Although seemingly gloomy and despondent, "Table For Two" does slightly increase in tempo. On the steamy, island vibe, "Access Denied," Ari Lennox and Lucky come together as they sing about two individuals who fear love, thus limiting their reachability. Despite the fear, they can't avoid one another as they control each other's hearts. Much like cat-and-mouse, the two go back and forth in this game of lust and love. Even though they are scared, they are equally consumed by the rush of one another's presence and sex.
Warm and nostalgic, "Dream" pairs Lucky & Queen Naija together and delivers utter feels. This song sums up the overall meaning behind Valentine's Day. It's not about the fancy dinners or gifts, but the true love each unit possesses. Filled with nothing but admiration and appreciation, the two sing about being so infatuated with each other that they would rather stay sleep if this love is a dream. From production to the individual verses, and vocal display, the song feels just right. It's the embodiment of what love is. Despite the up's and down's the two are willing to navigate through the sea of issues. What matters is the insurmountable love that the two have for one another.
On "Table For Love's" final song, "Falling In Love," Lucky recruits Joyce Wrice to solidify the Lover's day project. The two come together with the same mission in mind: Establishing a real, deep love that is not wasteful of either's time. They've both obviously been through the ringer before when it comes to dealing with someone in the past and they want it clearly expressed that this encounter shall not continue the cycle. The theme of hesitancy in love continues to display as the two sing:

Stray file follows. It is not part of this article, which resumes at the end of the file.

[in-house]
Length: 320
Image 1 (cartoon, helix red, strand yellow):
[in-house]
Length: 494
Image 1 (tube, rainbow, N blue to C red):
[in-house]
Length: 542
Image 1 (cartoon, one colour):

"Now baby don't go playin' with my lovin'
Don't make me regret fallin' in love, fallin' in love
Search far and wide, you'll never find my lovin'
Don't make me regret fallin' in love, fallin' in love."
Overall, just like at any of your favorite restaurants, Table For Two is a necessary appetizer. Although it starts off a bit slow, the project is filled with pertinent, meaningful truths for both women and men to enjoy. Table For Two builds momentum for Lucky (and listeners) as fans await his highly anticipated Sophomore album. What truly is striking about TFT is Lucky Daye's authenticity. He remains true to both his artistry and what the image of love looks like to him.
Musically, Lucky's voice is alluring. He provides an undeniable vocal talent that leaves you wanting more regardless of topic. The features are perfect because of their intentionality. Everything is purpose driven and it helps to amplify the story Lucky provides for everyone. The production is very futuristic and dynamic. The nostalgic percussive texture, along with the aforementioned sonic futurism makes the project's play very reminiscent of past R&B while generating an all new experience. Table for Two is realistic. While love is not always perfect, with the right person it's worth it. This does not mean that bumps will not arise, trials and tribulations won't come, and waters shall not be tested. Instead, it shows that all love can be trying, but the right love overcomes every season. Because of that, it makes it perfect for Valentine's Day weekend.
You can stream Lucky Daye's Table For Two below on Apple Music or listen above via YouTube.